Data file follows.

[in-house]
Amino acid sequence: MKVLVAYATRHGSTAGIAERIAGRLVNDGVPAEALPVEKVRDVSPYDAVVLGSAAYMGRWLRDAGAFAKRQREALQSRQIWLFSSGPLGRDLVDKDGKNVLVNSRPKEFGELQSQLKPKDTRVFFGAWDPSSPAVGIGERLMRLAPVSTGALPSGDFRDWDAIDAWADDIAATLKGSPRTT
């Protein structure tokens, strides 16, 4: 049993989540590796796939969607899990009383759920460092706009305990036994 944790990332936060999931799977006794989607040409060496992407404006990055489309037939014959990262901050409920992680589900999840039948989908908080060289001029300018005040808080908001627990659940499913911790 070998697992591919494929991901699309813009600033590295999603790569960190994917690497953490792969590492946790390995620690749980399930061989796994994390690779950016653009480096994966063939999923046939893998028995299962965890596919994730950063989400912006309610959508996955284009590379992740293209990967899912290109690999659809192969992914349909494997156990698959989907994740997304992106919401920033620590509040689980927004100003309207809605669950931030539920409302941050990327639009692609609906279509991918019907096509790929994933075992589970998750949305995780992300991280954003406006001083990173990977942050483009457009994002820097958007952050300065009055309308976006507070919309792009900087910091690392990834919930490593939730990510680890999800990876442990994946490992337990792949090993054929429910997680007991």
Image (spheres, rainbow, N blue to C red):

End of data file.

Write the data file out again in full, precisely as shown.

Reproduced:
[in-house]
Amino acid sequence: MKVLVAYATRHGSTAGIAERIAGRLVNDGVPAEALPVEKVRDVSPYDAVVLGSAAYMGRWLRDAGAFAKRQREALQSRQIWLFSSGPLGRDLVDKDGKNVLVNSRPKEFGELQSQLKPKDTRVFFGAWDPSSPAVGIGERLMRLAPVSTGALPSGDFRDWDAIDAWADDIAATLKGSPRTT
């Protein structure tokens, strides 16, 4: 049993989540590796796939969607899990009383759920460092706009305990036994 944790990332936060999931799977006794989607040409060496992407404006990055489309037939014959990262901050409920992680589900999840039948989908908080060289001029300018005040808080908001627990659940499913911790 070998697992591919494929991901699309813009600033590295999603790569960190994917690497953490792969590492946790390995620690749980399930061989796994994390690779950016653009480096994966063939999923046939893998028995299962965890596919994730950063989400912006309610959508996955284009590379992740293209990967899912290109690999659809192969992914349909494997156990698959989907994740997304992106919401920033620590509040689980927004100003309207809605669950931030539920409302941050990327639009692609609906279509991918019907096509790929994933075992589970998750949305995780992300991280954003406006001083990173990977942050483009457009994002820097958007952050300065009055309308976006507070919309792009900087910091690392990834919930490593939730990510680890999800990876442990994946490992337990792949090993054929429910997680007991």
Image (spheres, rainbow, N blue to C red):